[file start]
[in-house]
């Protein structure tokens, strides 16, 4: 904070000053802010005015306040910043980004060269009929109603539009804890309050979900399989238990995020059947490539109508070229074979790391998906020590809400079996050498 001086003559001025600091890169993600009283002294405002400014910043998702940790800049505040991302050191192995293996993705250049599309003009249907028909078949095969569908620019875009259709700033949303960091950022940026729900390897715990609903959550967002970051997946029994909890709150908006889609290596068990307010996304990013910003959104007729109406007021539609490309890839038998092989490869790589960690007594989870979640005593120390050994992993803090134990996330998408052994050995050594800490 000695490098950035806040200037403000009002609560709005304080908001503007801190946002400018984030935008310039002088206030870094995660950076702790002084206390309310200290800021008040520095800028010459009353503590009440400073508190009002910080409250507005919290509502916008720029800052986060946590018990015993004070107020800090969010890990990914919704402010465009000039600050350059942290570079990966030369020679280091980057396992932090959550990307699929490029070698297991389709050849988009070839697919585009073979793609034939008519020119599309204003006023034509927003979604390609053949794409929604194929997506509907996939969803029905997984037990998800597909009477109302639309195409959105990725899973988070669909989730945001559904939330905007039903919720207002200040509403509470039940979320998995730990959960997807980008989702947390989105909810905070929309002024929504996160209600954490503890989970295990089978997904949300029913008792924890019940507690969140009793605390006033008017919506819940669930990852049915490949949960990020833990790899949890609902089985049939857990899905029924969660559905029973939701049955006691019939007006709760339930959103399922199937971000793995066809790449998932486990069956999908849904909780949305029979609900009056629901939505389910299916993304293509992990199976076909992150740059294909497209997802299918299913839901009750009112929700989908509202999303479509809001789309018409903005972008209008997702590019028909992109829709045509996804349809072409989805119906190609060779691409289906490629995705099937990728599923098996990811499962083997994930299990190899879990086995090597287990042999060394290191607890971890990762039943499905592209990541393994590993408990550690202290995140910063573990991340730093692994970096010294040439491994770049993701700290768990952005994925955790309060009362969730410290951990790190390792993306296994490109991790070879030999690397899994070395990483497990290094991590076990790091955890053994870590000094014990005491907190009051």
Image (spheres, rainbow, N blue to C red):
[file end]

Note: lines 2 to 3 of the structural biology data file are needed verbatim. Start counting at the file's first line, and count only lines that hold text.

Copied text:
């Protein structure tokens, strides 16, 4: 904070000053802010005015306040910043980004060269009929109603539009804890309050979900399989238990995020059947490539109508070229074979790391998906020590809400079996050498 001086003559001025600091890169993600009283002294405002400014910043998702940790800049505040991302050191192995293996993705250049599309003009249907028909078949095969569908620019875009259709700033949303960091950022940026729900390897715990609903959550967002970051997946029994909890709150908006889609290596068990307010996304990013910003959104007729109406007021539609490309890839038998092989490869790589960690007594989870979640005593120390050994992993803090134990996330998408052994050995050594800490 000695490098950035806040200037403000009002609560709005304080908001503007801190946002400018984030935008310039002088206030870094995660950076702790002084206390309310200290800021008040520095800028010459009353503590009440400073508190009002910080409250507005919290509502916008720029800052986060946590018990015993004070107020800090969010890990990914919704402010465009000039600050350059942290570079990966030369020679280091980057396992932090959550990307699929490029070698297991389709050849988009070839697919585009073979793609034939008519020119599309204003006023034509927003979604390609053949794409929604194929997506509907996939969803029905997984037990998800597909009477109302639309195409959105990725899973988070669909989730945001559904939330905007039903919720207002200040509403509470039940979320998995730990959960997807980008989702947390989105909810905070929309002024929504996160209600954490503890989970295990089978997904949300029913008792924890019940507690969140009793605390006033008017919506819940669930990852049915490949949960990020833990790899949890609902089985049939857990899905029924969660559905029973939701049955006691019939007006709760339930959103399922199937971000793995066809790449998932486990069956999908849904909780949305029979609900009056629901939505389910299916993304293509992990199976076909992150740059294909497209997802299918299913839901009750009112929700989908509202999303479509809001789309018409903005972008209008997702590019028909992109829709045509996804349809072409989805119906190609060779691409289906490629995705099937990728599923098996990811499962083997994930299990190899879990086995090597287990042999060394290191607890971890990762039943499905592209990541393994590993408990550690202290995140910063573990991340730093692994970096010294040439491994770049993701700290768990952005994925955790309060009362969730410290951990790190390792993306296994490109991790070879030999690397899994070395990483497990290094991590076990790091955890053994870590000094014990005491907190009051």
Image (spheres, rainbow, N blue to C red):